10 Big Data Trends From the GigaOM Structure Data Conference
8. Dealing with a new model of application development If the term big data is a concept in search of meaning, a new model for business application development holds meaning, which can make or break a company. Lengthy business requirements development, lengthy iterations and the ongoing divide between application developer and infrastructure operations teams has sent many grand software projects to a confused and costly death. "We now live in a world of disposable apps," Aetna's head of innovation Michael Palmer said to me in an interview. Instead of a lengthy and expensive development process, use several companies to develop a simple app and pick the one you like the best. Once you have found the best app, go on to iterating on the next app. The model is much more like trying out apps from an Apple or Android app store than the old enterprise model. This is a big change in enterprise application development and includes knowing as much about how to meld apps through API management as the actual app creation. 9. Applying new rules Boiling down two days of data discussion is not easy. But I'd start with these. While big data might be getting ahead of itself in enterprise promises, it is real in bringing new capabilities to business. You need to think about the skills you have in your company and developing the data skills to adapt to this new model. Open source, which often has a bit of a fringe reputation in the enterprise, will be part of your technology future. Established vendors are going to promise they can give you all the capabilities of the startups with added stability, but I haven't seen any evidence so far. Think about your applications from the outside in, instead of inside out.Maybe it isn't the fringe anymore, but consider how 3D printing will change your design process, how sensor-based data gathering will strain your current networks and how your employees living on mobile smartphones downloading apps from app stores may be just the people you need to build your next technology road map. Eric Lundquist is a technology analyst at Ziff Brothers Investments, a private investment firm. Lundquist, who was editor-in-chief at eWEEK (previously PC Week) from 1996-2008 authors this article for eWEEK to share his thoughts on technology, products and services. No investment advice is offered in this article. All duties are disclaimed. Lundquist works separately for a private investment firm, which may at any time invest in companies whose products are discussed in this article, and no disclosure of securities transactions will be made.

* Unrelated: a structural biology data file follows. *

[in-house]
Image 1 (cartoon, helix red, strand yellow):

10. What's on the Fringe?